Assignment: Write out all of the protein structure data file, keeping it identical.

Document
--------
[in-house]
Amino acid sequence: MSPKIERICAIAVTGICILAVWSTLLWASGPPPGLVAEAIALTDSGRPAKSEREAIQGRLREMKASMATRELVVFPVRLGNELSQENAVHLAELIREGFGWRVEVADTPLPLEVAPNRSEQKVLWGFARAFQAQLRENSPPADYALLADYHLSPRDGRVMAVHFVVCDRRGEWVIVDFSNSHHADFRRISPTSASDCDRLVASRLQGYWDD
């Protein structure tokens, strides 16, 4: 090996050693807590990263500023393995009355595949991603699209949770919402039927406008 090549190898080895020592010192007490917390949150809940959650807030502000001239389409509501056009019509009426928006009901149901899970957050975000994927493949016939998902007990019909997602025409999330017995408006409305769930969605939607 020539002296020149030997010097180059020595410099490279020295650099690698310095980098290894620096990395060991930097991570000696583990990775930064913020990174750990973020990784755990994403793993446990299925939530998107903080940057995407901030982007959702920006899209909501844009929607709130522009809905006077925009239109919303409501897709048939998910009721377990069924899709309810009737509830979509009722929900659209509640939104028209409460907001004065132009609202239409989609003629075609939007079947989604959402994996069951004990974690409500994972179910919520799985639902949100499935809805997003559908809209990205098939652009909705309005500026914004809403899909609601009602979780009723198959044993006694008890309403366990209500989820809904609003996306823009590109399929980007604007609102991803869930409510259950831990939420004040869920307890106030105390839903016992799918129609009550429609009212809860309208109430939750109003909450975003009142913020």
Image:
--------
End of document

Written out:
[in-house]
Amino acid sequence: MSPKIERICAIAVTGICILAVWSTLLWASGPPPGLVAEAIALTDSGRPAKSEREAIQGRLREMKASMATRELVVFPVRLGNELSQENAVHLAELIREGFGWRVEVADTPLPLEVAPNRSEQKVLWGFARAFQAQLRENSPPADYALLADYHLSPRDGRVMAVHFVVCDRRGEWVIVDFSNSHHADFRRISPTSASDCDRLVASRLQGYWDD
């Protein structure tokens, strides 16, 4: 090996050693807590990263500023393995009355595949991603699209949770919402039927406008 090549190898080895020592010192007490917390949150809940959650807030502000001239389409509501056009019509009426928006009901149901899970957050975000994927493949016939998902007990019909997602025409999330017995408006409305769930969605939607 020539002296020149030997010097180059020595410099490279020295650099690698310095980098290894620096990395060991930097991570000696583990990775930064913020990174750990973020990784755990994403793993446990299925939530998107903080940057995407901030982007959702920006899209909501844009929607709130522009809905006077925009239109919303409501897709048939998910009721377990069924899709309810009737509830979509009722929900659209509640939104028209409460907001004065132009609202239409989609003629075609939007079947989604959402994996069951004990974690409500994972179910919520799985639902949100499935809805997003559908809209990205098939652009909705309005500026914004809403899909609601009602979780009723198959044993006694008890309403366990209500989820809904609003996306823009590109399929980007604007609102991803869930409510259950831990939420004040869920307890106030105390839903016992799918129609009550429609009212809860309208109430939750109003909450975003009142913020």
Image: